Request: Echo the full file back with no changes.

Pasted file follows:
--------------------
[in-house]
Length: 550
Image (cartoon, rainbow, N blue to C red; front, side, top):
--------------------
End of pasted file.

[in-house]
Length: 550
Image (cartoon, rainbow, N blue to C red; front, side, top):